Digital coursework is surely located in a cloud. I can’t imagine any institution, content creator or aggregator allowing the content to physically download on to a Tablet or Laptop. And please, I am aware Kindle (Nook etc) allows that to happen. If for a moment I indulged in a Kindle like model developed by the institution (and it doesn’t come cheap) content within this delivery system would be static. It wouldn’t allow dynamic content (access to resources or research) UNLESS connected to the net. So at home, the best a student can do is work with the static content downloaded at school. No, I haven’t forgotten that the student can get his own internet connection at home. Ah! The penny drops! We are suddenly not talking about a level playing field here. Even today, there are sections in New Delhi where there are mobile black-holes. These are spots where the signal drops. One of them is inside my house. To make a call I need to be in the front of the house. To study, in this model, I would need to crowd around the same spot. And lets not even discuss service providers and or what happens when you move out of the metros. Its best left unsaid. I must however, draw on another analogy to illustrate the use of technology. (My apologies, I can’t resist it).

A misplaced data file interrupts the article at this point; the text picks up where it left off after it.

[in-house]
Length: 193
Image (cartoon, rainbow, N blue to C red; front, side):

SAGE has published a book titled “Squatting with dignity” (http://www.sagepub.in/browse/book.asp?bookid=1451&Subject_Name=&mode=1). It talks about toilet habits of Indians. In a section of India, the local government decided to subsidise and build toilets. This was to discourage public (read open air) defecation. At the end of a year a survey was conducted to evaluate usage. The toilets were built but they were used as store rooms. Someone forgot to train people how to use them and in some cases, forgot to connect water!
I respect Prof Pant immensely and I am sure he meant well. I thought his lecture could have been better focussed, I left quite disappointed. I have never met Ranjit Shahani but his interview left me equally if not more disappointed. And I am glad I now go to bed; I know sleep won’t disappoint me…